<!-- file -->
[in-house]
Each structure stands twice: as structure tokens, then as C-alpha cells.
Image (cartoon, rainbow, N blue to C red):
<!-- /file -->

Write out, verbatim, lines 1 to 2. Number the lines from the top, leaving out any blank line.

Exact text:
[in-house]
Each structure stands twice: as structure tokens, then as C-alpha cells.